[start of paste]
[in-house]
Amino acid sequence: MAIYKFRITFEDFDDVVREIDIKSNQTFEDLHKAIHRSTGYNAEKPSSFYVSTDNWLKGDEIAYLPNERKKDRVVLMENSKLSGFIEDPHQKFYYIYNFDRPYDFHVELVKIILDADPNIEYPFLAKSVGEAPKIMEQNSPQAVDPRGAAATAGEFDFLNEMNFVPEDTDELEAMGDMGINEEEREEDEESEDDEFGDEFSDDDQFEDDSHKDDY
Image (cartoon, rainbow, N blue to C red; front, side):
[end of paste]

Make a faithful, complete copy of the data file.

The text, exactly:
[in-house]
Amino acid sequence: MAIYKFRITFEDFDDVVREIDIKSNQTFEDLHKAIHRSTGYNAEKPSSFYVSTDNWLKGDEIAYLPNERKKDRVVLMENSKLSGFIEDPHQKFYYIYNFDRPYDFHVELVKIILDADPNIEYPFLAKSVGEAPKIMEQNSPQAVDPRGAAATAGEFDFLNEMNFVPEDTDELEAMGDMGINEEEREEDEESEDDEFGDEFSDDDQFEDDSHKDDY
Image (cartoon, rainbow, N blue to C red; front, side):